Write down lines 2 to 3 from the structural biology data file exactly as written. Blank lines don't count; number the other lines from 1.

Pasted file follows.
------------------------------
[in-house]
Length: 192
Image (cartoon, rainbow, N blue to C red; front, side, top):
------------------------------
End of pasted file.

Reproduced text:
Length: 192
Image (cartoon, rainbow, N blue to C red; front, side, top):